The New Johari Window #20: Quadrant Two: Alternative Johari Models

The New Johari Window #20: Quadrant Two: Alternative Johari Models

At this point, I will offer two other versions regarding Kevin and Sheila’s second quadrants, using the alternative structures of the original Johari Window that I introduced in an earlier essay (Quad One).

Disjointed Interaction Model

If we don’t assume Luft’s tight interdependency among the four window panes, then Sheila’s and Kevin’s windows might look like this:

                                            SHEILA                                                                    KEVIN

Sheila and Kevin’s larger Quad Two would impact on all three of the other quadrants (Quads One, Three and Four). Most importantly, this condition would reduce the size of their public selves (Quad One) with specific reference to one another. If we introduce the notion of psychic tension within Sheila and Kevin, then the Disjointed Interaction model would suggest that both Sheila and Kevin are likely to feel less comfortable in their relationship with one another. Eventually they will feel compelled to provide each other with more feedback regarding their perceptions (Quad Two).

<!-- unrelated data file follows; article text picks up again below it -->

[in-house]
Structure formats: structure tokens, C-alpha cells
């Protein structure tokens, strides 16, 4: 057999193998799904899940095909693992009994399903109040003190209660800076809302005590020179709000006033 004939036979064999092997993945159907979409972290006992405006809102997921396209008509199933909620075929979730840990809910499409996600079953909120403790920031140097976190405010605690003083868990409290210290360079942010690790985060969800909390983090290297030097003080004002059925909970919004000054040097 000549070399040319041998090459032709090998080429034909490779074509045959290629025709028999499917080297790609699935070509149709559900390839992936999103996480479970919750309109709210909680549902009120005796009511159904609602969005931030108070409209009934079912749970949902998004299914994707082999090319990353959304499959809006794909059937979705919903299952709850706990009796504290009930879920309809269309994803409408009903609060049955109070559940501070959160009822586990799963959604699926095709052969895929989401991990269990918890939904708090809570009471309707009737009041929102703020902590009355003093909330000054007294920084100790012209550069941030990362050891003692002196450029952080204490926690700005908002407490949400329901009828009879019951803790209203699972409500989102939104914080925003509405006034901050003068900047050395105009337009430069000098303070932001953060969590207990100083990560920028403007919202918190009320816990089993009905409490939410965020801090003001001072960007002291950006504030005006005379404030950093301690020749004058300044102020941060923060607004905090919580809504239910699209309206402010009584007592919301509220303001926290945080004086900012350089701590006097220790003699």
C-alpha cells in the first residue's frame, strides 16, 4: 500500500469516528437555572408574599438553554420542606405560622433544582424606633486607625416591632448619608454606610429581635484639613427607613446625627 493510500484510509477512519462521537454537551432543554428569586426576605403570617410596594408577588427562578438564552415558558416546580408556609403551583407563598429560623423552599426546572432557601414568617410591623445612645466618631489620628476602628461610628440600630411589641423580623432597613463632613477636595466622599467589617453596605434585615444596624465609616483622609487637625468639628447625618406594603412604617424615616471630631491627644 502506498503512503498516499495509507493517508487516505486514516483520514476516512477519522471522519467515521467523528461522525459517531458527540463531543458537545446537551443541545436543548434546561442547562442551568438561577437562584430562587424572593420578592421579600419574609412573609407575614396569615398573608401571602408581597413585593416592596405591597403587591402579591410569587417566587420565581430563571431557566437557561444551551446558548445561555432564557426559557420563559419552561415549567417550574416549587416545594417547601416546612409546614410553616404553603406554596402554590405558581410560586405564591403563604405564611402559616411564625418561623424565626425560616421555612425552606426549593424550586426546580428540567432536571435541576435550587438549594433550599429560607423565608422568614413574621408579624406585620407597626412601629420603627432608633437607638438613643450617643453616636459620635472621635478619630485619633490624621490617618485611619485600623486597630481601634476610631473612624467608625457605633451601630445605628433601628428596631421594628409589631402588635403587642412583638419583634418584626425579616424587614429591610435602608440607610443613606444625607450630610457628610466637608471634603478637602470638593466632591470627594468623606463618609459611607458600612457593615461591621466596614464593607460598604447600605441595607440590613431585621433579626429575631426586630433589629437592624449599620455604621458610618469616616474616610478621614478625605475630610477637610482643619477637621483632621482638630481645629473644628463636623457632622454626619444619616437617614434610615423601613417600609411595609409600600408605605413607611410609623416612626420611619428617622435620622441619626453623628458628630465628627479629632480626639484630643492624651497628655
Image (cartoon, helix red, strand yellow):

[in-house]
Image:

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William Bergquist

William BergquistWilliam Bergquist, Ph.D. An international coach and consultant, professor in the fields of psychology, management and public administration, author of more than 45 books, and president of a graduate school of psychology. Dr. Bergquist consults on and writes about personal, group, organizational and societal transitions and transformations. His published work ranges from the personal transitions of men and women in their 50s and the struggles of men and women in recovering from strokes to the experiences of freedom among the men and women of Eastern Europe following the collapse of the Soviet Union. In recent years, Bergquist has focused on the processes of organizational coaching. He is coauthor with Agnes Mura of coachbook, co-founder of the International Journal of Coaching in Organizations and co-founder of the International Consortium for Coaching in Organizations. His graduate school (The Professional School of Psychology: www.psychology.edu) offers Master and Doctoral degrees in both clinical and organizational psychology to mature, accomplished adults.

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